Event Title

STRaND-1 and TDS-1: How the UK Does Low Cost Tech Demo

Session

Pre-Conference: CubeSat Developers' Workshop

SSC13-WK-12.pdf (554 kB)
Presentation Slides

Abstract

A perrenial question of Cubesats is why they are not yet used as platforms for truly operational application missions. The STRaND-1 mission described in this paper is used to demonstrate the hurdles which must be overcome in order to create cost-effective CubeSat platforms that are ready for operational missions with satisfactory design lifetime, reliability and availability objectives. STRaND-1 is the UK’s first CubeSat, and will be launched on the 25th of February 2013 on a PSLV into a dawn-dusk sun-synchronous orbit. As with many CubeSats, the goals of the successful 3U mission were rapid training and technology demonstration. The novelty (other than the technical novelty of testing the robustness of mobile phone electronics in the LEO environment) was the volunteer nature of the team, and that the organisations involved had previous operational small satellite mission experience. This paper takes a holistic view of the mission, critically reviewing the mission lifecycle from the initial concept design through to integration and testing, LEOP and initial mission results in respect of these hurdles to operational applications. The UK's small satellite technology demonstration mission - TDS-1 - is presented for contrast. Now ready for flight in Q3 2013, TDS-1 is an example of how a collaborative small sat technology demonstration mission can be accomplished at low cost and inside a rapid schedule. TDS-1 incorporates a suite of eight separate sensor payloads plus a novel set of advanced avionics. The design, concept of operations and management of TDS-1 enabled the platform enough flexibility to accommodate the payloads to change in both number and in bus resources required throughout the programme lifecycle, while avoiding the pitfalls of over-designing the system. The review is conducted with an eye to how a CubeSat mission differs from the commercial, small satellite approach to spacecraft engineering. In particular, lessons learnt on CubeSat general system design philosophy, data bus topologies, and management philosophies are discussed and compared against the more traditional small sat approach, something on which the Surrey community can speak with authority. Conclusions are drawn on the the similarities and differences of the small-satellite approach pioneered in the 1990s and the CubeSat approach pioneered in the 2000s, with recommendations on where commercial, small satellite engineering philosophy can be applied to the hypothetical operational CubeSat mission, and vice versa.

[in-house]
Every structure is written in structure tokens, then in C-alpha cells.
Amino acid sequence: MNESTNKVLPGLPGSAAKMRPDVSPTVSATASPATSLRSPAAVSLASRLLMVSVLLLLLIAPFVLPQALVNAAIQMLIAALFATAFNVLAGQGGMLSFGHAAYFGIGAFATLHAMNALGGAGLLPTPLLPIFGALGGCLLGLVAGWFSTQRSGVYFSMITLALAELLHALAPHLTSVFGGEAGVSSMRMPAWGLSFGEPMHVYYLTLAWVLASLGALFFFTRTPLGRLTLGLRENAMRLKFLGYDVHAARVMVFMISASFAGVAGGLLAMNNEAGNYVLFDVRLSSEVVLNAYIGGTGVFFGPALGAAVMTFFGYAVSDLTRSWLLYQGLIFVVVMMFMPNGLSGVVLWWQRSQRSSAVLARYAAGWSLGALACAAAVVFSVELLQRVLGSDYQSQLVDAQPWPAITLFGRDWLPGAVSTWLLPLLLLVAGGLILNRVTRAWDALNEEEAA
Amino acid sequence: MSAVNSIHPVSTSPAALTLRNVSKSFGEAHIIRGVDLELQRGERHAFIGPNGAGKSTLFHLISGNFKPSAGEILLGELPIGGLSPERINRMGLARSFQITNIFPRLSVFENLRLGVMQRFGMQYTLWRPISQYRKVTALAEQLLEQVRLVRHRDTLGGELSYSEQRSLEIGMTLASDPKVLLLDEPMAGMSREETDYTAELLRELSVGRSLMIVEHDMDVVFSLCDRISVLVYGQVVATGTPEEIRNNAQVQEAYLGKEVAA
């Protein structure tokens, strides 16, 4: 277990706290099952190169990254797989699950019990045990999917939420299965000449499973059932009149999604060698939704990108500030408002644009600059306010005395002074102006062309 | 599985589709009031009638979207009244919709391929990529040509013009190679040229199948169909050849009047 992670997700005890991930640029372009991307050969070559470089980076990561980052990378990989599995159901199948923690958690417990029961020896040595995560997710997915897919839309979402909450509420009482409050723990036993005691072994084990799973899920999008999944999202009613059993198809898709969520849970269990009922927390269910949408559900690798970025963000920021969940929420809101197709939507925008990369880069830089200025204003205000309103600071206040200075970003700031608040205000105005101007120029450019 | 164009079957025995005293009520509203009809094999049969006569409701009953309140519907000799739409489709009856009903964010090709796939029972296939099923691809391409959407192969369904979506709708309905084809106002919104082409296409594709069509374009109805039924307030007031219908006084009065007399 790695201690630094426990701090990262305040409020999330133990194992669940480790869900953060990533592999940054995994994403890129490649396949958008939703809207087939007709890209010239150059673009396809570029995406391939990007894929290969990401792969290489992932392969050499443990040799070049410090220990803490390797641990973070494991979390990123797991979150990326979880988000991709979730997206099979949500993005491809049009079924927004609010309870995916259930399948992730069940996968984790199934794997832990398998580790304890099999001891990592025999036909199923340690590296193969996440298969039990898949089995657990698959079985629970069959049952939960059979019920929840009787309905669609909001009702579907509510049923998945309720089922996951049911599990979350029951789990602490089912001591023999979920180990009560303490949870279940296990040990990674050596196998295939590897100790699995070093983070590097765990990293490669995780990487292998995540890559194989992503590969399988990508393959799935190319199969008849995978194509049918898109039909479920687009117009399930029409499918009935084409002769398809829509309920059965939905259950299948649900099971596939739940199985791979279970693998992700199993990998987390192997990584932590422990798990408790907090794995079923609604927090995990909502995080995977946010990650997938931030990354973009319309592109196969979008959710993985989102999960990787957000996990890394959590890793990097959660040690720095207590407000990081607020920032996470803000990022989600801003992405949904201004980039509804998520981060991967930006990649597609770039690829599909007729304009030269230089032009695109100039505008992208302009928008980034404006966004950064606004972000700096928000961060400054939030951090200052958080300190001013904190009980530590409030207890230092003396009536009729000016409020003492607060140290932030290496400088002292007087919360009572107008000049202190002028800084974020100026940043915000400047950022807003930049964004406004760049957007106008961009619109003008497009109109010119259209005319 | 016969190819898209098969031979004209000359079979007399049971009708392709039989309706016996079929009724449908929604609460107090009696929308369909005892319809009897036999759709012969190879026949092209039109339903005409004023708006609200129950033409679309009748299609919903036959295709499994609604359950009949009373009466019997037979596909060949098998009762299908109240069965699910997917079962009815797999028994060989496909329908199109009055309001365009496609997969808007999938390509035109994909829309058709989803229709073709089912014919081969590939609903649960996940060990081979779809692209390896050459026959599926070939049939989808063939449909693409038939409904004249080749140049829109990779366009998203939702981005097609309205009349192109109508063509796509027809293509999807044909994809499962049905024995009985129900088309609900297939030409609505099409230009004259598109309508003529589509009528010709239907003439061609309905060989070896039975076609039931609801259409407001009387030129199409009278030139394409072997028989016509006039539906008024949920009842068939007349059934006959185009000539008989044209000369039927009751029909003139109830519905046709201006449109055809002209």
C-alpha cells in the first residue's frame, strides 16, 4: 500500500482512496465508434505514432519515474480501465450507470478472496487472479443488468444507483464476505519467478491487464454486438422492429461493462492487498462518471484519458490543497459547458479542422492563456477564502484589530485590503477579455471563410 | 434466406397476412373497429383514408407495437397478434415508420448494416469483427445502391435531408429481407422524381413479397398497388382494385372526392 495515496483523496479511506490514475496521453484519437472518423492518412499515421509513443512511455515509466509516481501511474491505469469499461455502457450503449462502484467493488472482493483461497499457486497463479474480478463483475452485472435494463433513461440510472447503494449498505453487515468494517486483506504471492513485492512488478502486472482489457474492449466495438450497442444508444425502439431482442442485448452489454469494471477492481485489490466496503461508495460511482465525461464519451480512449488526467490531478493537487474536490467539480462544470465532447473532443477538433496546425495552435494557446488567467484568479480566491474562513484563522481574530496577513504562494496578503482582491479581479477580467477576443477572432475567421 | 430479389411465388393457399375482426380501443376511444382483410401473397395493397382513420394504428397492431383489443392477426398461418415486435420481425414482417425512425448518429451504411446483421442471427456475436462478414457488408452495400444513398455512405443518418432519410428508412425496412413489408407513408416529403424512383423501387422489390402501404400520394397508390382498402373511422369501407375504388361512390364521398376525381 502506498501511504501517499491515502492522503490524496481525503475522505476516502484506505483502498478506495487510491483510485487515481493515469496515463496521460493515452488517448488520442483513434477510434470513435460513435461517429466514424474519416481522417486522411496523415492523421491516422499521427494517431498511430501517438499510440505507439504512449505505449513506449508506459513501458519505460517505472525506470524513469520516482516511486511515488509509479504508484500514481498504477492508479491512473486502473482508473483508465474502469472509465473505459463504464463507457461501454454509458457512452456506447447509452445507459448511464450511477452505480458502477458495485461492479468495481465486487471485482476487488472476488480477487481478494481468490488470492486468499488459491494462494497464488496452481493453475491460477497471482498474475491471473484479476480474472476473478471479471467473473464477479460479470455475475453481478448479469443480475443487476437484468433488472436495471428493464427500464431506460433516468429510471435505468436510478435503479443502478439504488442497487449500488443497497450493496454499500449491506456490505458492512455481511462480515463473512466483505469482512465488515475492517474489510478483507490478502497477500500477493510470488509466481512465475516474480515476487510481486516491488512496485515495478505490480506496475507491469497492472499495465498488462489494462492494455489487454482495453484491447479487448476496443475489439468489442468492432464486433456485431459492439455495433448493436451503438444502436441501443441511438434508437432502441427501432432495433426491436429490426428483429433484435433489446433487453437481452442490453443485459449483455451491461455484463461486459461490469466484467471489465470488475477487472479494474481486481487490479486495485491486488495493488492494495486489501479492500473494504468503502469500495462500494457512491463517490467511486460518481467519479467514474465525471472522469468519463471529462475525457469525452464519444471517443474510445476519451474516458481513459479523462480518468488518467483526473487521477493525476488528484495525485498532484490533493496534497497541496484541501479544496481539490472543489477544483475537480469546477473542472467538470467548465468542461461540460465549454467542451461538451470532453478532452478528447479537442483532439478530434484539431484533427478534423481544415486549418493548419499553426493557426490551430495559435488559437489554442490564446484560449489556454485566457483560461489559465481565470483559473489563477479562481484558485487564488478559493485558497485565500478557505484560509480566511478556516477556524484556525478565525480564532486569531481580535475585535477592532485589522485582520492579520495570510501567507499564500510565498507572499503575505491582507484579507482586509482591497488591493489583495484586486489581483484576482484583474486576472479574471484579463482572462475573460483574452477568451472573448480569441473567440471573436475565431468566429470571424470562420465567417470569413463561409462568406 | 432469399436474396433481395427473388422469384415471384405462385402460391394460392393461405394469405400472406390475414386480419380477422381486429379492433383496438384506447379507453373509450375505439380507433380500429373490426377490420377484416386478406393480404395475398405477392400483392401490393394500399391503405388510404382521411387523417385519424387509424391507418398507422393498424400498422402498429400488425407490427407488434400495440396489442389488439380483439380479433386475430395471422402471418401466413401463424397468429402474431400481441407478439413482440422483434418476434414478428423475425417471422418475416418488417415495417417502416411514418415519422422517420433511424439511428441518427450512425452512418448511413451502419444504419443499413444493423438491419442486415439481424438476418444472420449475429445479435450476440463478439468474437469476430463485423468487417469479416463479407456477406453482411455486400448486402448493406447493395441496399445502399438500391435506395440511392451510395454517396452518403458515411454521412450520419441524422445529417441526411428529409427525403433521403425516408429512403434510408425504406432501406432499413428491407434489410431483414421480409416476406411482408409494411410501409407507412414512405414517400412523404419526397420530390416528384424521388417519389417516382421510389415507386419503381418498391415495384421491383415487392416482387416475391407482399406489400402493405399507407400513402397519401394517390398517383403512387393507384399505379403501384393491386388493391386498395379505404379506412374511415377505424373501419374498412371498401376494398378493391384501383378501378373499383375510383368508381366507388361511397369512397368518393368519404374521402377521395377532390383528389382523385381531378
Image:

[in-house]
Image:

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Aug 10th, 9:15 AM

STRaND-1 and TDS-1: How the UK Does Low Cost Tech Demo

A perrenial question of Cubesats is why they are not yet used as platforms for truly operational application missions. The STRaND-1 mission described in this paper is used to demonstrate the hurdles which must be overcome in order to create cost-effective CubeSat platforms that are ready for operational missions with satisfactory design lifetime, reliability and availability objectives. STRaND-1 is the UK’s first CubeSat, and will be launched on the 25th of February 2013 on a PSLV into a dawn-dusk sun-synchronous orbit. As with many CubeSats, the goals of the successful 3U mission were rapid training and technology demonstration. The novelty (other than the technical novelty of testing the robustness of mobile phone electronics in the LEO environment) was the volunteer nature of the team, and that the organisations involved had previous operational small satellite mission experience. This paper takes a holistic view of the mission, critically reviewing the mission lifecycle from the initial concept design through to integration and testing, LEOP and initial mission results in respect of these hurdles to operational applications. The UK's small satellite technology demonstration mission - TDS-1 - is presented for contrast. Now ready for flight in Q3 2013, TDS-1 is an example of how a collaborative small sat technology demonstration mission can be accomplished at low cost and inside a rapid schedule. TDS-1 incorporates a suite of eight separate sensor payloads plus a novel set of advanced avionics. The design, concept of operations and management of TDS-1 enabled the platform enough flexibility to accommodate the payloads to change in both number and in bus resources required throughout the programme lifecycle, while avoiding the pitfalls of over-designing the system. The review is conducted with an eye to how a CubeSat mission differs from the commercial, small satellite approach to spacecraft engineering. In particular, lessons learnt on CubeSat general system design philosophy, data bus topologies, and management philosophies are discussed and compared against the more traditional small sat approach, something on which the Surrey community can speak with authority. Conclusions are drawn on the the similarities and differences of the small-satellite approach pioneered in the 1990s and the CubeSat approach pioneered in the 2000s, with recommendations on where commercial, small satellite engineering philosophy can be applied to the hypothetical operational CubeSat mission, and vice versa.